Kids not telling parents about 'cyber-bullying' out of fear they will have smartphones taken - expert
Children suffering ‘cyber-bullying’ may not tell their parents because they are afraid their phone, ipad or laptop could be confiscated, an expert declared.
Dr Conor McGuckin said mothers and fathers cannot always presume their child is not being bullied on social media just because they have not been informed.
Children and young teenagers may often choose to suffer in silence rather than tell their parents or teachers.
Parents seeking to help their child deal with cyberbullying need to admit to their child their own lack of understanding of social media and the internet, he said.
This admission may help a parent to have an open conversation about the problem. It is important to make the child feel understood, said Dr McGuckin, a world expert on bullying problems.
Dr McGuckin, assistant professor in educational psychology at Trinity College, Dublin, said that, unlike schoolyard bullying, four out of 10 victims of cyber-bullying respond “instanteously.”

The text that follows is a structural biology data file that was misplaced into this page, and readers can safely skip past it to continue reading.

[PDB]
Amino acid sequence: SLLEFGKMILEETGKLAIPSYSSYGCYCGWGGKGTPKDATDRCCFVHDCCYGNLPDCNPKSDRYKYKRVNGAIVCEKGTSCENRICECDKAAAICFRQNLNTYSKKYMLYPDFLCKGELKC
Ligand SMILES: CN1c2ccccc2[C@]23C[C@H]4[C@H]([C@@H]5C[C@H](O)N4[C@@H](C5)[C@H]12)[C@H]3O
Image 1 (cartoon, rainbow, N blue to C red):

However, rather than reacting immediately to bullying messages, it may be better to “slow down, think about it, and cool off,” he said.
It may be better to switch off the technology, to ignore it, and to seek the advice and support of parents, teachers, and friends, he said.
A parent may find it is better to have an open conversation with a child about a cyber bullying problem while on a short journey by car which would not necessitate direct eye contact, he said.
Teachers are now obliged to deal with cyberbullying under their school’s anti-bullying policy. Since last Friday, all schools in Ireland must have a policy which specifically addresses dealing with cyber-bullying and homophobia, he said.
Dr McGuckin was scheduled to address a ‘Cyber-Ethics Public Forum’ at Trinity College tonight.
The forum was set up to explore the rapid growth of cyber technologies and the profound influence of the internet on human behaviour. It was organised as part of the college’s President of Ireland's Ethics Initiative.
He focused on how to help children, adults, and educators ‘cope' with the both positive and negative issues that new technology brings.
He said: “To understand cyberbullying, we need to understand the fundamental characteristics of traditional bullying. But we also need to understand the separate, and thorny, issues that are related to the law, technology, marketing, and the modern lives of children and young people.